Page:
The Caruggi, Genoa

I want to return to the caruggi of Genova, with a tripod and someone to wander with ... as they aren’t always the wisest of places to pull out a big camera and get lost in your work however, that said, I’ve never had any trouble in there.

I love the ancient alleyways here in the historical heart of Genova.  The general rule of thumb is that if the street lights aren’t working, then avoid them.  But some have been renovated and I find most of them beautiful, even the dilapidated crumbling ones.

One story goes that, for military reasons, the streets were made narrow and the houses were built close together to slow down the invaders, most particularly the Moors, who frequently attacked this ancient city.  I read that the people of Lombard, the Normans and the Saracen also attacked Genova.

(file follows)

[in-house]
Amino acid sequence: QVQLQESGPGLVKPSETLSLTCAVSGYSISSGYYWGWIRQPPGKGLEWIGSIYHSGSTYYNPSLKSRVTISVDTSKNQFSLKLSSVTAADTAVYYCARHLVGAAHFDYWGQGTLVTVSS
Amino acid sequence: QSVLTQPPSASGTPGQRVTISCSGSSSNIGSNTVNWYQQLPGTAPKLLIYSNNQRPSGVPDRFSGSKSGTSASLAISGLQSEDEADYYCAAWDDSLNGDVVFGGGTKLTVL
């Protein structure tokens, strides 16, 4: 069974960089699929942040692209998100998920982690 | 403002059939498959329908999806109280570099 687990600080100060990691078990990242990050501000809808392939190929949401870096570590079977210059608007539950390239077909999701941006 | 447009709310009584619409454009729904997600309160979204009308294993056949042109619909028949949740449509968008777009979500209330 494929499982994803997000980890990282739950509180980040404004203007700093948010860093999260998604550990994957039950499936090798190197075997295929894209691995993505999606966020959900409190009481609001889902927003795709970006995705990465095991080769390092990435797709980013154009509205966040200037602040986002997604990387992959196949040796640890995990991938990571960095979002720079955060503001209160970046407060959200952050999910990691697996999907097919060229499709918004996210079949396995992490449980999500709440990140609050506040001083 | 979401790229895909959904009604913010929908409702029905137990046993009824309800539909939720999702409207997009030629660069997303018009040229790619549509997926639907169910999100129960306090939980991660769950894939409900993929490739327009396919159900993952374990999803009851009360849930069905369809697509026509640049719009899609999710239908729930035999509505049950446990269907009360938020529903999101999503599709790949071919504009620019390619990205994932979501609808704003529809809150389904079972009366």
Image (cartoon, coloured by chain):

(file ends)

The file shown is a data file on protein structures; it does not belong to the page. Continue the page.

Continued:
Actually, talking of invaders, in 1155, the hugely impressive city wall was built to protect the city from Emperor Federico Barbarossa ... the man I had only previously known as Barbarossa.  And then the 16th century was known as the Century of the Genovese and local banks here were lending money to the European monarchs, making it one of the most powerful cities of the time.

Oh yes, an impressive city, an impressive history.